Kids TV teaching

Kids’ TV teaching children the wrong lessons about pain: new study

Popular TV shows exposing kids to pain

According to new research from psychologists, popular kids’ TV shows such as Peppa Pig or films like Toy Story or Frozen exposes children to up to nine incidents of pain for every hour of TV watched.

How do TV characters portray their sense of pain?

A new study – published on 2nd December 2020 in the international journal Pain from researchers at the universities of Bath (UK) and Calgary (Canada) – examined how characters portray their sense of pain across different media aimed at 4 to 6-year olds.

The team behind the research team was interested in assessing what painful incidents characters were subject to and how they and others around them responded.

Their analysis looked at ten family movies from 2009 onwards (Despicable Me 2, The Secret Life of Pets, Toy Story 3 & 4, Incredibles 2, Inside Out, Up, Zootopia, Frozen, and Finding Dory), as well as popular kids’ TV programs (Sofia the First, Shimmer and Shine, Paw Patrol, Octonauts, Peppa Pig, Daniel Tiger’s Neighbourhood).

The research team selected these programs to represent either girl-focused, boy-focused, or gender-neutral TV series (dependent on the key characters).

Over the ten movies and six TV series (which equated to over 52 hours of film / TV), the researchers identified:

  • Four hundred fifty-four painful incidents—a mean of 8.66 experiences of pain per hour
  • Violent pain or injury is the most common type of problem depicted (occurring in over two-thirds of instances—79%).
  • Boy characters are much more likely to experience severe pain than girl characters (according to facial expressions).
  • Examples of everyday pain (i.e., a character falling over or bumping their knee) are much less common, represented in only 20% of incidents.
  • A general absence of empathy from different characters in responding to pain: others saw 75% of painful instances, yet in 41% of cases, those witnessing it did not respond, or where they did, they were generally not empathetic.

TV content structures kids’ behavior

Researchers say this work matters because what children watch on TV shapes and models their behaviors. They want producers to use their influence to re-think how pain is portrayed to equip young people better to cope with the ordinary, everyday problem, which they are more likely to experience but is often forgotten and misunderstood. Indeed, sidelining children’s pain is a topic highlighted in a recent and significant Lancet Commission report, authored by pain researchers from the University of Bath.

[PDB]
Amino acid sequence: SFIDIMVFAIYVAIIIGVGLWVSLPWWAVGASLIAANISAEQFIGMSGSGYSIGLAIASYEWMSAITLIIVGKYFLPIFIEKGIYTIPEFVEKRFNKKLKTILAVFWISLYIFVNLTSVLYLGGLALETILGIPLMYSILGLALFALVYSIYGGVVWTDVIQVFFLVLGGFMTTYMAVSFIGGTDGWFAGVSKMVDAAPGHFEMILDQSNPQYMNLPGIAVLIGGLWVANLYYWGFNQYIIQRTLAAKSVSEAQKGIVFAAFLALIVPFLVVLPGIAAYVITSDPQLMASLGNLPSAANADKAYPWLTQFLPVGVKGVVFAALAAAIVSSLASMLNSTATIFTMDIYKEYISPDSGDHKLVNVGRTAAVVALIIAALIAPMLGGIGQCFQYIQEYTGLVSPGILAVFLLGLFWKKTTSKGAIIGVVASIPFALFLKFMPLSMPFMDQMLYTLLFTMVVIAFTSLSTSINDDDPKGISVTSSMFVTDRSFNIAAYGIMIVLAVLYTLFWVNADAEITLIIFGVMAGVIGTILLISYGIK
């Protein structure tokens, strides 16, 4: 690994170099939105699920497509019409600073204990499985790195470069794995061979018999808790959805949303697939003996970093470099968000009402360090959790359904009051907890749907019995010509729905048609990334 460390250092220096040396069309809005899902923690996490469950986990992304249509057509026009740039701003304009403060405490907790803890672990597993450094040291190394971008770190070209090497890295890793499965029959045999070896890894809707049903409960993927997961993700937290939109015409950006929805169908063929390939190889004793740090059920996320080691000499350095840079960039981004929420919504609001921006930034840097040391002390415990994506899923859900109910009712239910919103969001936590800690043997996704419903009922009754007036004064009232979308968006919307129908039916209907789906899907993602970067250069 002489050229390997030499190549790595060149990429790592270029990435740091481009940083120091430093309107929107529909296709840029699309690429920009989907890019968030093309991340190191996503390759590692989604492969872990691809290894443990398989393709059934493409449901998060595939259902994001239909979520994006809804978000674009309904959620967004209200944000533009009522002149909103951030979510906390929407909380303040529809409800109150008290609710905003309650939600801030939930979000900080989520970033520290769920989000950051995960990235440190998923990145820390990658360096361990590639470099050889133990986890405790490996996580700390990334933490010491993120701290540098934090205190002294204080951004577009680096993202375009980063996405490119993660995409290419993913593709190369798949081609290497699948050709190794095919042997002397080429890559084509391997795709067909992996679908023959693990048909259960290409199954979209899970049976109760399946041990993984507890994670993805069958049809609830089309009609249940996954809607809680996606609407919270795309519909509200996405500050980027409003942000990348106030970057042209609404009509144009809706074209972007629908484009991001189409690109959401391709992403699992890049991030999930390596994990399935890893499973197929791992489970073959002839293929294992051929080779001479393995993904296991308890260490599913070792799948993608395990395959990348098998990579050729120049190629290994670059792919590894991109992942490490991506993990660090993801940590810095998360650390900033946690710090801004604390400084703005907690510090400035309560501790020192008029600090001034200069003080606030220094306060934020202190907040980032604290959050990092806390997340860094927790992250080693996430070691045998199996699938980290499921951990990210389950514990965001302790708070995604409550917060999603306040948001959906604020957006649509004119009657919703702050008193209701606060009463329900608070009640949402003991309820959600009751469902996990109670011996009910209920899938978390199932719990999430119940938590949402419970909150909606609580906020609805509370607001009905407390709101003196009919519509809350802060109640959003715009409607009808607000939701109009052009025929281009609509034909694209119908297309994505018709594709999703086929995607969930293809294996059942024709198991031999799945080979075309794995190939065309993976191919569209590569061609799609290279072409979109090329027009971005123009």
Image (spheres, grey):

Lasting outcomes

Dr. Abbie Jordan, currently working at the Department of Psychology and Centre for Pain Research at the University of Bath, described how children experience, model, interpret and manage pain have real-lasting outcomes for themselves and all of us across broader society. In particular chronic pain, pain can have hugely debilitating effects on children and young people’s lives right through into adulthood.

“Part of the challenge in this is how we talk about pain. We know children spend increasing amounts of time watching these programs and films and that what they depict feeds through to their understanding and awareness of an issue. When it comes to pain, as we see from this study, the picture presented by these media is not reflective of children’s everyday experiences. Instead, they focus much more on extreme and violent pain.

A realistic portrayal of pain is necessary for TV programs.

“According to our evaluation, these programs could do much more to help children understand pain by modeling it in several ways and, more importantly, by conferring more empathy when characters undergo pain. That’s crucial and shows how children interact with others when one of them experiences pain, for instance when a friend might fall over in the playground or when they go to the doctors for routine check-ups.”

According to Dr. Melanie Noel, a lead researcher and an Associate Professor of Clinical Psychology from the University of Calgary: “We reviewed shows and movies that millions of young children in North America and beyond are watching. The conclusions were, honestly, shocking.

“It is undebatable that the media is a powerful force in how children learn about the world. The unrealistic portrayal of pain teaches young children that pain does not deserve help or compassion from others and that it will be undergone and responded to differently if you are a boy or a girl. We must change these societal narratives concerning pain.”

Alberta Children’s Hospital Research Institute is funding this research work, and it is accessible via the journal pain.

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